Adam lays his head back on the seat, his eyes closed. The green shoe has disappeared. In its place he thinks he can see alternating black and white squares at the end of a dark road. Over the course of several years, he reflects, sitting there in the Xantia as it climbs the slope and turns off who knows where, he used to play chess with Goncharki, each of them believing himself superior to the other. As their sessions continued Goncharki had gotten into the habit of sprinkling himself before every game with Penhaligon's Blenheim Bouquet, Churchill's perfume. One day, unable to stand it any longer, Adam had said, I'm suffocating, I can't go on playing in these conditions. A warrior's perfume, Goncharki had calmly replied, moving his castle. A cheat's perfume, Adam had retorted. A cheat? Yes. You drench yourself on purpose to distract me. Pathetic, Goncharki had concluded, laying down his king. He would have to talk to Guen about this succession of visions. Should any significance be
attributed to them beyond the physiological? A shoe and a chessboard. Don't tell me, Professor (now I've lost my left eye you're the only person I want to deal with), that the body fashions images at random, don't tell me, because you know nothing about it, that it's purely a matter of chance, when we close our eyes, whether we see a shoe or a chessboard. On the day of Winston Churchill's funeral Goncharki's father, hunched beside his radio set, following the whole ceremony over the air and frowning at the smallest noise, had looked up and said: “God is not as great as Churchill.” It was not so much the extravagance of the remark that had struck Goncharki at the age of thirteen as the expression of ferocious perspicacity and also, he felt he could perceive, of condemnation that accompanied it. It was, he had related, a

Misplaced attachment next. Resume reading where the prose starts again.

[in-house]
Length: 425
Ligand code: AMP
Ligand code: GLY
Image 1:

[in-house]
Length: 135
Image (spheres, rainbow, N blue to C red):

verdict
in the cosmic sense. Goncharki's book on Meyer Lansky began with these words: “Night falls in the sad Florida apartment that has no view and only one bedroom with twin beds.” Adam liked this lame sentence, which came to him who knows why. What story could you tell, he thinks, you have no story to tell, and what's more you've never been able to tell stories, let alone make them up, even for your children, people say you're a writer and you don't even know how to tell your children a story, no you don't,
you don't know how to come up with events, obstacles, sudden reversals, you surprised yourself with
The Black Prince of Mea-Hor
but Blade is immortal, you don't tell an immortal's life story, the truth about immortals is that they have no life story. You make up adventures, nothing more, anyone can do that.

FIRST VINTAGE INTERNATIONAL EDITION, FEBRUARY 2008

All rights reserved. Published in the United States by Vintage Books, a division of Random House, Inc., New York, and in Canada by Random House of Canada Limited, Toronto.
Copyright © 2003 by Editions Albin Michel S.A. and Yasmina Reza.

Vintage is a registered trademark and Vintage International and colophon are trademarks of Random House, Inc.

This is a work of fiction. Names, characters, places, and incidents either are the product of the author's imagination or are used fictitiously. Any resemblance to actual persons, living or dead, events, or locales is entirely coincidental.

The Library of Congress has cataloged the Knopf edition as follows:
Reza, Yasmina.

[Adam Haberberg. English]

Adam Haberberg / by Yasmina Reza; translated from the French by Geoffrey Strachan. —1st American ed.

p. cm.

I. Strachan, Geoffrey. II. Title.

PQ2678.E955A6513 2007

843'.914—dc22

2006022057

eISBN: 978-0-307-48116-0

www.vintagebooks.com